Interview with Allison Merritt

Please welcome Allison Merritt to our blog today.  One lucky commentor will win a copy of a book, so please leave a comment..

How did you get started writing?

I’ve been writing since childhood, but in middle school I made up my mind to be a writer after one of my friends declared she was going to be a writer. She moved on, but it stuck with me. A few years ago I took a break from it, but eventually the need to tell stories came back to me and here I am.

  1. What genre(s) do you write in and why?

I started out writing historical romances and a contemporary romance, but lately with the interest in steampunk and the glow cast by movies like Sherlock Holmes, League of Extraordinary Gentlemen and Jonah Hex, I really wanted to get into writing some fantasy/adventure/steampunk romances. It’s so exciting to put a different twist on the past.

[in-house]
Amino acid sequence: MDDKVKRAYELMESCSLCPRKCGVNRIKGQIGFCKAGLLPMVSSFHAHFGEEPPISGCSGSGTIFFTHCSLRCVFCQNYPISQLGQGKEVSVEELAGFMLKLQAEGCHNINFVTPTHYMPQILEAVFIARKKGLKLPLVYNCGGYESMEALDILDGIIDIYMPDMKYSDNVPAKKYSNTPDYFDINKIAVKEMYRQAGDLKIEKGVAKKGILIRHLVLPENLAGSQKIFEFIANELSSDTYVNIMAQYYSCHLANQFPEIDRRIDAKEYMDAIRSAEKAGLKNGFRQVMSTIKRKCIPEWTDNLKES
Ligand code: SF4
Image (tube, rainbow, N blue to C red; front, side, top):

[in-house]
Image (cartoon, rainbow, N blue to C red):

1. Tell us about your current series.

The Treasure Hunter’s Lady is an fantasy/steampunk romance about a fiery British adventurer’s daughter and a brash Texas cowboy who have to find a legendary jewel in order to save the lives of people who are dear to them. They don’t intend to fall in love because she believes he’s after the treasure to sell it to the highest bidder and he thinks she’s a giant pain in the butt, but as they face a journey to the Dakota Territories, evil henchmen, a band of Indians and a mythical serpent, they learn they can’t live without each other.

  1. What movie best describes your life?  Why?

It might sound funny, but I like to relate my life to a horse movie like Seabiscuit or Secretariat. You always see these horses that grow to be champions after they have a rough start or life throws them a curve, but they bounce back to win a race. I like to think that with the ups and downs life gives me, I’ll manage to break from the pack and win by a dozen lengths, but heck, I’ll be happy to win by a nose too.

  1. What inspired your latest book?